"Of those in the first two catagories [sic], several said that the gravitational pull of the moon kept the astronauts from floating away. And some said they were wearing heavy suits. And one said they were wearing lead-weighted boots."
5 thought it would float where it is
5 said it would drop to the ground
The Internet note listed several of the actual responses to the class quiz, but I'm only going to give you a couple of the more interesting ones:
The saga goes on: "So a bunch of us TAs got together and gave our physics classes quizzes asking this question. Out of 168 people taking the quiz, 48 missed the question." Again, here are two interesting responses:
1. Float where it is
2. They don't fall off the moon because they were anchored to their hip with a rope. The rope was tied to the atronaught (sic) on one end and the ship on the other.
1. Fall to the ground
2. The reason that the astronauts fall to the ground is because the moon has a certain amount of atmosphere. This atmosphere is not half as powerful as the earth's but is (sic) still produces a minute gravitational effect.
From a class in Physics 324 — Modern Physics for Engineers:
The gravity of the moon can be said to be negligible, and also the moon's a vacuum, there is no external force on the pen. Therefore it will float where it is.
From a class in Physics 221 — First Semester Calculus-based Introductory Physics:
External forces that are present on the moon will attract the pen. There isn't gravity on the moon as there is on earth so the pen won't drop.
The original mailer included pages of responses from the students, all indicating a lack of understanding of some fairly basic science concepts. It's no good saying, "Wait! These were undergraduates. What do you expect?" This is the kind of material that should be picked up in grades four through six. By all students. My guess is that this was presented, and maybe the students did learn it then. However, we live in a society that so relies on received knowledge from entertainment and from authority figures that at a young age we quit thinking for ourselves. What should be simple problems of logic such as these are not attacked rigorously unless circumstances absolutely require it. The usual approach is to pick the most convenient answer and go with that.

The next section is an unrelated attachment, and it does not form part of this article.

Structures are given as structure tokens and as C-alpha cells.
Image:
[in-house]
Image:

I have recently gotten involved in the Science-by-Mail program, which incorporates mentors from science and industry into science projects at local schools. So far, I am finding it an interesting experience, and I believe both the students and the mentors can benefit. I know that one of the benefits I will gain from this is a better understanding of science teaching in the public schools today, and I encourage others to check out the program. Information will generally be available at our meetings.
All right, for you philosophy majors who found this issue of The Skeptic on the bus, here are the answers to the quiz:
1. The correct answer is (c) — The pen would fall to the ground (the surface of the Moon, that is).
-LAN3 seemed to be sad that it was harder and harder to find copies of this, and it's worth retelling...
2. I don't know. If they didn't fall off, how did the astronauts get back to the Earth?